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Howard has priority - he was the commander on the field after Reynolds was dead and before Hancock. He, unlike the others, actually occupied the hill with troops, keeping first a division and later a brigade there while the fighting was taking place on the north. That said, like many of these "choose the field" controversies, it doesn't take much genius to ...


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The reason for the re-emergence of the ram in the mid-1800s is essentially a technological one. The introduction of the nautical steam engine gave ships a reliable source of power and the ability to move in any direction, and the introduction of armor-plating gave them greater weight (and therefore momentum), structural strength and protection. During the ...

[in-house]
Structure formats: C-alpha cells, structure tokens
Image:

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There were very few naval wars and battles during the period in question, coupled with a rapid pace of innovation and uncertainty about the future development. Naval architects concluded from a few lethal, unintentional ramming incidents that intentional ramming was a viable tactic. They should have noted that if problems at course keeping led to ...


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During the mid-1800s improvements in naval armor and construction was progressing somewhat faster than that in naval guns. This made it difficult to sink ships. Even many years earlier, in the War of 1812, the USS Constitution was famous for having cannonballs bounce off her sides. The SMS Kaiser at the Battle of Lissa, though it was a wooden ship was very ...



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